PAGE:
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Re: strtonum(3) from OpenBSD?

On Wed, Jun 24, 2009 at 04:47:25PM -0700, James Chacon wrote:
> On Jun 24, 2009, at 4:07 PM, Manuel Bouyer wrote:
>> On Wed, Jun 24, 2009 at 11:14:43PM +0200, Marc Balmer wrote:
>>> Am 24.06.2009 um 21:42 schrieb Manuel Bouyer:
>>>> On Wed, Jun 24, 2009 at 09:00:53PM +0200, Marc Balmer wrote:
>>>>>> I'd have phrased it differently, but I agree with Thor -- this  
>>>>>> is a
>>>>>> bad
>>>>>> API.  Nor have I seen sufficient evidence that it's widely used in
>>>>>> software we might want to import.
>>>>> I am eager to learn why it is bad.
>>>> I think Thor explained it quite well. And yes, I did look at the man
>>>> page.
>>> he did not.  he completely failed to back his strong words...

As I pointed out, the API for this function, *as specified by the manual
page*, distinguishes error return cases by way of *specific strings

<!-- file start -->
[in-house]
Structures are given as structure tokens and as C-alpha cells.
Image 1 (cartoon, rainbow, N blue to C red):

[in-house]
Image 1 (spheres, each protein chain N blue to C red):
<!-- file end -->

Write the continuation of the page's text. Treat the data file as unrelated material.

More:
given in the manual page* (which is why it is not localizable) which
it does not distinguish by different errno values.

In other words, strcmp against the strings given in the manual page is
the only way to tell two distinct error cases apart; if you rely on
errno, you can't do anything different, as multiple errors are needlessly
mapped to the same errno value.

> Look at it this way...If the error is in errno, what value does the  
> string have? Zero basically since any modern program can't use it.

And that's precisely what's wrong with the API for this function as
specified by the manual page (and AFAICT as present in all current
open-source implementations): the errno values don't actually distinguish
all the possible different error cases the error strings do.

Of course, I must be making this up (or my argument must be worth
handwaving away) because it must necessarily be the case that when I
talk about the API specified by the documentation for the function, I
am not reading the manual page, I am just making it up from the whole

However, those who do care to refer to the manual page will, I think,
quickly be able to see the same thing I say I did: the "error strings"
distinguish error cases which the documented errno values don't.


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